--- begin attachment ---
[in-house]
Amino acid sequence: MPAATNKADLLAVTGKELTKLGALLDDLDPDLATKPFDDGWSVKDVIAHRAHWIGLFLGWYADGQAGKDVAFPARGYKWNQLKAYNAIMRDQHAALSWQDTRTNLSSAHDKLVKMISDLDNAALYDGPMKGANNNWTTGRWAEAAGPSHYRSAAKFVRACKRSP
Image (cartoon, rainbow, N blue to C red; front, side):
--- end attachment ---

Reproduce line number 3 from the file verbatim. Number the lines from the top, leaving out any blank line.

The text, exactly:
Image (cartoon, rainbow, N blue to C red; front, side):